A photographer mom shoots portraits of girls in sparkly dresses and sports equipment because YES.

This one's for the girls who know you don't have to chose between sparkles and sports.

For too long, girls have been sent the message that they have to be either/or. You're either a girly-girl or a tomboy. You're either into sparkly princesses or sports practices. From the early days of childhood, we're told in bold and subtle ways to squeeze ourselves into separate boxes.

But those boxes are bullspit, and most of us know it. Girls don't have to choose between feeling beautiful and being badass. We can be both at the same time.


Perhaps that's why a portrait shoot shared by HMP Couture Imagery showing girls dressed up in fancy dresses and sports equipment has gone insanely viral. The shoot is called "Because you can do it all," and in just a few days it has already been shared 175,000+ times.

HMP Couture Imagery

The woman who photographed the shoot says a comment from a fellow mom sparked the idea.

Heather Mitchell, the photographer from Alabama who runs HMP Couture Imagery, told Upworthy how the portrait shoot came about.

"My youngest daughter is 8 and she is trying softball this year for the first time," said Mitchell. "We were at practice a few weeks ago and I was talking with the other moms. I was saying that I hoped Paislee learned to love the game because she was athletic. One of the moms told me that she was not athletic, that she was a girly-girl."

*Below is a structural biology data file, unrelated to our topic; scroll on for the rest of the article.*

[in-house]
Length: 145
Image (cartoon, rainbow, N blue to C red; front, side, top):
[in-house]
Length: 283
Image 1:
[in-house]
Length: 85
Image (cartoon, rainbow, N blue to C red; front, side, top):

HMP Couture Imagery

"I couldn't sleep that night," Mitchell continued. "All I could think was, 'Why does she have to choose?' I played every sport my school offered and wore lipstick to every game. So the next day we went to the studio and created her shot."

Mitchell says she only spent about three minutes shooting because she knew exactly what she wanted to create. After she posted the photos of Paislee to her personal Facebook page, she got a ton of requests from other parents for the same kind of shoot. After adding two days to the schedule, they sold out in an hour—and the requests just keep on coming.

HMP Couture Imagery

Mitchell hopes that girls see these photos and realize that they don't have to choose one identity.

The idea that crinoline and cleats can't exist in the same mental space is silly, but common. Girls (and boys for that matter) can love pretty things and kick butt at sports. They don't have to be one thing or the other.